Elephantine Island and Philae Sound and Light Show

Saturday 3 January 2009 – Aswan, Upper Egypt

The tour is structured so that we start with quite small, minor sites and work up to bigger ones – ultimately to the Pyramids and the Egyptian Museum in Cairo.

Today we explored Elephantine Island, which was the site of settlement in this region for much of the ancient era. On our way across the island through the ‘modern’ Nubian villages, we passed an ancient Roman quay, now some way inland and being used by the locals as a rubbish dump!

Aswan and the Nile from Elephantine Island
Aswan and the Nile from Elephantine Island

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This ancient (Roman era?) quay, now used as a rubbish pit
This ancient (Roman era?) quay, now used as a rubbish pit

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Elephantine, and its Nubian inhabitants, form a very traditional Muslim community and the women of our group were required to don headscarves for the day. They weren’t entirely happy about it, but submitted in the interests of cultural tourism, and Patricia made a bit of fun of the scarf-tying lesson in the hotel foyer before we departed.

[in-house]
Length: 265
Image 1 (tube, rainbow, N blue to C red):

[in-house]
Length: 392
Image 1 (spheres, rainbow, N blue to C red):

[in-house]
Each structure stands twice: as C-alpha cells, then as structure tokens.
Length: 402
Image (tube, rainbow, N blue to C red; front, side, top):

Scarf-tying lesson for the ladies of the group.
Scarf-tying lesson for the ladies of the group.
Our harem
Our harem

The major archaeological site of Abu, the ancient city, occupies the southern end of Elephantine Island. We saw the Aswan museum, a dusty collection (including my first mummy) housed in the house built for the chief engineer of the old Aswan Dam in the late nineteenth century. Sitting above the river overlooking Aswan, it would have been a lovely spot in those days.

With Chris at the Aswan Museum
With Chris at the Aswan Museum
Baboons and a very sweet hippopotamus at the Aswan Museum
Baboons and a very sweet hippopotamus at the Aswan Museum
My first mummy - Aswan museum
My first mummy – Aswan museum
Entrance at Aswan Museum
Entrance at Aswan Museum

The Abu site extends across the southern tip of the island behind the museum and consists largely of piles of rubble. Some of this rubble has been reassembled into temples, and it had some good examples of considered reconstruction for conservation and interpretation purposes.

Reconstructed temple of Satet
Reconstructed temple of Satet
Temple of Satet
Temple of Satet
Temple of Satet
Temple of Satet
Statue of Ankhet, daughter of Khnum, at Abu
Statue of Ankhet, daughter of Khnum, at Abu
A fine cobra - a bit like the towels folded on my hotel bed!
A fine cobra – a bit like the towels folded on my hotel bed!
Cartouche
Cartouche

The temples on the island are mostly to the goat-headed deity Khnum, his wife Satet and their daughter Ankhet, who were the particular gods of Elephantine. There were numerous temples to each, dating from different periods and tending to be layered one on top of the last. At one point, a new temple had been built on column stubs of a previous one, which were clearly visible below it.